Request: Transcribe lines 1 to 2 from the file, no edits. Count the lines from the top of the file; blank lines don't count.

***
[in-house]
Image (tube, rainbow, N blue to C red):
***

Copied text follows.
[in-house]
Image (tube, rainbow, N blue to C red):